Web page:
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CAPTAIN MAYNE REID, whose books have made naturalists of more than one American boy, once wrote a story called, "The Plant Hunters." Its title was not particularly alluring to the lads of the generation who looked to their favorite for tales of pure adventure, but before they had read long they knew that they were to get excitement with their botany.
The heroes, there were three of them in the Captain's book, if memory's long shadow does not obscure the facts, were on a plant hunting expedition in a valley of the Himalaya Mountains. The scene of action was laid largely in wild places virtually geographically identical with those which are being searched today for species of plant life by Frank N. Meyer, an American field explorer working under commission of the Bureau of Plant Industry of the Department of Agricul
ture. Some of Mr. Meyer's experiences are akin to those of the three hunter naturalists whom Captain Reid represented as having been sent out on like errand by the authorities of the Kew Gardens of London.
The adventurous botanists of the old tale were seeking specimens to be dried and preserved for museum purposes. The adventurous botanist of the present tale cares nothing for the cut and dried. His is what David Fairchild of Washington, the Agricultural Explorer in Charge of Foreign Seed and Plant Introduction, calls "a living work."
It is the duty of the man now in a great desert of the Himalayan region to secure seeds or cuttings of plants, shrubs and trees which he considers worthy of introduction into the United States, and to get them quickly to Washington where the work of propagation almost instantly is started.
Explorer Meyer is today in a lonely land and before his mission is ended he will pass through still lonelier lands. His collecting journey began at St. Petersburg and it will end at some sea coast port of Eastern China. His trip already lias been successful enough to make it worth much more than the money it has cost. He has frozen and melted alternately as the altitudes have changed: he has encountered wild beasts and men nearly as wild; he has scaled glaciers and crossed chasms of dizzying depths; he has been the subject of the always alert suspicions of government officials and of strange peoples jealous of intrusions into their land—but he has found what he was sent for.
A plant hunter! Official and peasant are accustomed to the coming of hunters of wild beasts. They understand the lust of killing and the desire for danger which make men take long journeys into strange places. But a plant hunter!—It seems to them the thinnest pretense
to hide some design on the peace of the government or the community. The specimen bag must hold some strange instrument of destruction, the more deadly because it is unknown. The experiences of botanists in the Eastern mountains, though with an added element of real clanger, are like those of the peaceful opera glass ornithologist whose sanity is doubted and whose arrest is threatened by the country folk because he prefers to study the living bird rather than to kill it, fill it with cotton and arsenic, and to pierce it with wires for mounting in painful and grotesque attitude.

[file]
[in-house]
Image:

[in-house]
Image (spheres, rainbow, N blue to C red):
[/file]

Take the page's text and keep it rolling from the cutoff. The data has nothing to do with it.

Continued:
Admittedly the expression falls within the limits of what the objectors call the bromides, but it is the desire of David Fairchild, the Agricultural Explorer in Charge, and of his fellow laborers in field and Capital, to make such deserts as the United States has to blossom like the rose or, if not the rose, the pear, the apple, the orange, the pomegranate or the olive. The nature of much of the land which is under search today for plant treasures is stony and forbidding, places apparently for the thistle and the thorn, and it would appear that he who looks for fruitage there must be one who thinks "yea" the answer to the question of Scripture, and that grapes may be gathered of thorns and figs of thistles.
The explorer now in the Himalaya Mountains carries in his head a botanical chart of the United States. He finds a species of plant useful or ornamental, or a variety of a species, and by reference to the mental map he knows instantly in what part of the United States it has a chance to flourish and to prove a blessing. He gathers with full knowledge of the locality in which one day Americans may sit under the shade of a Himalaya tree or gather fruit from a Himalayan vine.
In the plant hunter's head there is also a weather map. He knows the sections of the United States where long periods of drought would wither quickly any form of introduced vegetation whose life is moisture. He knows the places where the rainfall is apt to be excessive and he knows where there are shadow and sunshine in about equal parts. His is a work of selection, and it can be said that in
Frank M. Mi-.yer. The Explorer, In The Himalaya Mountains.
large part the judgment of the plant finder has been justified by results.
Americans in the dry country of the Southwest before long may pick from the dooryard trees cherries whose flavor and juiciness will make them forget the yearnings which they have had in the June time for the fruit of the tree which shadowed the New England home. Explorer Meyer found a wild species of cherry (Prunus microcorpa) growing and thriving on the dry mountain sides of Southern Chinese Turkestan. Perhaps in truth it must be called a bush rather than a tree for it is bush shaped and its height is not over ten feet. This cherry soon will be introduced into America.